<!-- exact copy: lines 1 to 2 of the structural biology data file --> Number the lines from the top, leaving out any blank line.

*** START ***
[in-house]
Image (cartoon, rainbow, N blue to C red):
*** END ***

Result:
[in-house]
Image (cartoon, rainbow, N blue to C red):